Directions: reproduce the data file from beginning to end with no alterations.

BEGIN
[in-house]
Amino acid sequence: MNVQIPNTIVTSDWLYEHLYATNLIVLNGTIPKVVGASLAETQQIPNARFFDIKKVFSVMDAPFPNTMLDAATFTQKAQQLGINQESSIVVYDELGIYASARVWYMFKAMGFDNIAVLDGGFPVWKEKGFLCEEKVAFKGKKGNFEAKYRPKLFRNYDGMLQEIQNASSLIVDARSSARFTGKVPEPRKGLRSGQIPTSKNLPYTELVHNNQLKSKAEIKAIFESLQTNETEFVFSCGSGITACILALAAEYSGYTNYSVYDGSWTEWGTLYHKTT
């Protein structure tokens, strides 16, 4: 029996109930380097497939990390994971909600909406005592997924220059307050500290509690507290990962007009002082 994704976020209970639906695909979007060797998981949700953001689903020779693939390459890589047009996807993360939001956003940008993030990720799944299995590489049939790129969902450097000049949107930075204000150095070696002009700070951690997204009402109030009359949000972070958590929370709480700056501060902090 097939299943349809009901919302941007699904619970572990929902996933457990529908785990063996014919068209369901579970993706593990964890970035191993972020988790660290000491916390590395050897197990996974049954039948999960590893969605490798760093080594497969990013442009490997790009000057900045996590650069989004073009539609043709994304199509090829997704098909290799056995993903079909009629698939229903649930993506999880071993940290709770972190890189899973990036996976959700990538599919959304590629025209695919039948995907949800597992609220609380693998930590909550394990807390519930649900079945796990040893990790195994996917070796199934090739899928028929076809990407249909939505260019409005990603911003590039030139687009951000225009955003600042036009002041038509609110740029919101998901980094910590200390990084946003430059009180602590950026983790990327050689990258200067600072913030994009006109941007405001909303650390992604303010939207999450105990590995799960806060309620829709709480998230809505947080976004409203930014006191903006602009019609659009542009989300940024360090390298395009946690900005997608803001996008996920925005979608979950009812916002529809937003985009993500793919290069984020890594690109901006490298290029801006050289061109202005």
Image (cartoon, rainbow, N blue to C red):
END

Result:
[in-house]
Amino acid sequence: MNVQIPNTIVTSDWLYEHLYATNLIVLNGTIPKVVGASLAETQQIPNARFFDIKKVFSVMDAPFPNTMLDAATFTQKAQQLGINQESSIVVYDELGIYASARVWYMFKAMGFDNIAVLDGGFPVWKEKGFLCEEKVAFKGKKGNFEAKYRPKLFRNYDGMLQEIQNASSLIVDARSSARFTGKVPEPRKGLRSGQIPTSKNLPYTELVHNNQLKSKAEIKAIFESLQTNETEFVFSCGSGITACILALAAEYSGYTNYSVYDGSWTEWGTLYHKTT
């Protein structure tokens, strides 16, 4: 029996109930380097497939990390994971909600909406005592997924220059307050500290509690507290990962007009002082 994704976020209970639906695909979007060797998981949700953001689903020779693939390459890589047009996807993360939001956003940008993030990720799944299995590489049939790129969902450097000049949107930075204000150095070696002009700070951690997204009402109030009359949000972070958590929370709480700056501060902090 097939299943349809009901919302941007699904619970572990929902996933457990529908785990063996014919068209369901579970993706593990964890970035191993972020988790660290000491916390590395050897197990996974049954039948999960590893969605490798760093080594497969990013442009490997790009000057900045996590650069989004073009539609043709994304199509090829997704098909290799056995993903079909009629698939229903649930993506999880071993940290709770972190890189899973990036996976959700990538599919959304590629025209695919039948995907949800597992609220609380693998930590909550394990807390519930649900079945796990040893990790195994996917070796199934090739899928028929076809990407249909939505260019409005990603911003590039030139687009951000225009955003600042036009002041038509609110740029919101998901980094910590200390990084946003430059009180602590950026983790990327050689990258200067600072913030994009006109941007405001909303650390992604303010939207999450105990590995799960806060309620829709709480998230809505947080976004409203930014006191903006602009019609659009542009989300940024360090390298395009946690900005997608803001996008996920925005979608979950009812916002529809937003985009993500793919290069984020890594690109901006490298290029801006050289061109202005």
Image (cartoon, rainbow, N blue to C red):